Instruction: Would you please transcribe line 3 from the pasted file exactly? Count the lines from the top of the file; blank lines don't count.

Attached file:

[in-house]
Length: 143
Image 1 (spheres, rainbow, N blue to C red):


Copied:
Image 1 (spheres, rainbow, N blue to C red):